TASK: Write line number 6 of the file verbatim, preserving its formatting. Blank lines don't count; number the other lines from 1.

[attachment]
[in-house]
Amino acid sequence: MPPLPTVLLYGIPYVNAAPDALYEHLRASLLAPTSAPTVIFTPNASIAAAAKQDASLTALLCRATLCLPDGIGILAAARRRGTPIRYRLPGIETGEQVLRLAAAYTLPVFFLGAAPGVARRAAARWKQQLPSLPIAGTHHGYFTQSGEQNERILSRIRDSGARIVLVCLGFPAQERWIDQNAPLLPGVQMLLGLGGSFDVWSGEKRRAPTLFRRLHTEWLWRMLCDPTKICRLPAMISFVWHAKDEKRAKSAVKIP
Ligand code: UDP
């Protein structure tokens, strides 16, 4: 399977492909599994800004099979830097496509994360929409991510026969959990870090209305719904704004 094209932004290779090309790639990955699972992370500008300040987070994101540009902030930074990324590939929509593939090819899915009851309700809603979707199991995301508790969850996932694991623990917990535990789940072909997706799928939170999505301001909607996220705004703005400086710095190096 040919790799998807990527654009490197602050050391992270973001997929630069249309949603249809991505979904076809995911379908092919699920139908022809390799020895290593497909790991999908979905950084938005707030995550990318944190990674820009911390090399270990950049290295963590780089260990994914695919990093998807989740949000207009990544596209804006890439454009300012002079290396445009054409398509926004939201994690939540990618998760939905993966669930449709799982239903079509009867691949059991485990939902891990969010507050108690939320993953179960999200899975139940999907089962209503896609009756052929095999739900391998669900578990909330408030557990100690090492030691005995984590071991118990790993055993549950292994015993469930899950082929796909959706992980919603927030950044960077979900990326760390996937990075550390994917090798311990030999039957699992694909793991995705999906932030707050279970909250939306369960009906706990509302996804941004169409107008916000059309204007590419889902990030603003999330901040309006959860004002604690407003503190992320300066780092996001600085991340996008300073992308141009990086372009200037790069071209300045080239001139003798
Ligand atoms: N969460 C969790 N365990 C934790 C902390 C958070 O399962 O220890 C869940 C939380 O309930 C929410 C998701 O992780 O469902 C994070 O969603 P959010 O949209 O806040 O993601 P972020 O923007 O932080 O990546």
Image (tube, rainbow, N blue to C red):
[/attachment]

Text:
Image (tube, rainbow, N blue to C red):